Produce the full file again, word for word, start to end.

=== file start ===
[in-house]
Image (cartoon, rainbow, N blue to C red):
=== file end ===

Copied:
[in-house]
Image (cartoon, rainbow, N blue to C red):